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Chihuahuas, small but bold!

Tiny and ferocious, the chihuahua is the smallest breed and is popular among small dog owners. We decided to share what makes this little dog so special and what they need to live happy, healthy lives. 


Muy caliente! Chihuahuas are a Mexican breed that were originally bred as companions and rodent hunters by the Aztec people. Chihuahuas started making their way north in the 1880’s and were finally recognized by the American Kennel Club in 1904.


Many chihuahua owners would describe their dogs as sweet and attention seeking companions. However, when you’re an animal that only weighs 3-6 pounds, the world can be a scary place and they are often reserved with strangers. This is why these canines have gained a reputation as sassy little beasts! Chihuahuas generally benefit from an owner who is knowledgeable and encourages socialization. They are energetic dogs and are also surprisingly agile. This means that they can do really well in canine sports!

Chihuahua competing in dog show jumping over obstacles


These saucy little canines have one of the longest lifespans of any breed, however they are prone to a few problems. Dental problems are common in this breed. Since their teeth are so small, it can be difficult to maintain a chihuahua’s dental care. This often results in multiple trips to the doggy dentist.

Hypoglycemia can be another concern with these little dogs. A drop in blood sugar can result in nervous system problems. Making sure that they are being fed appropriately, can greatly help reduce the incidence of a hypoglycemic event.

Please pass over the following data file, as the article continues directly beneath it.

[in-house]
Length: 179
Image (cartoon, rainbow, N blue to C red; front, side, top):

Chihuahuas are predisposed to other health problems that are common among toy breeds, including tracheal collapse and chronic valvular disease. These diseases can be severe but can be prevented and managed by keeping a chihuahua in healthy body condition

Chihuahua waiting patiently while vet measures heartbeat

Luxating patella is a relatively common health problem in this breed, where there is abnormal alignment of the bones and joints in the leg. This is a painful condition and is most often characterised by hopping or limping and many need surgery to correct.

Lastly, hydrocephalus is a disease where there is an accumulation of fluid in the brain. Chihuahuas are prone to this disease because they have a larger soft spot on the top of their head than most other breeds. Dogs with this disease can become very sick and even die. To treat the disease, corticosteroids and diuretics are used to help reduce the production of cerebrospinal fluid. In severe cases, surgery may be needed.

In order to reduce the chances of these diseases, it is important for potential chihuahua owners to look for responsible breeders, who conduct the appropriate health checks on their animals.


Chihuahuas can live for 14-18 years and may require changes in nutrition throughout their lifetime. Overall, chihuahuas require similar nutrition to any other dog breed. However, their diet should be adjusted according to their health status.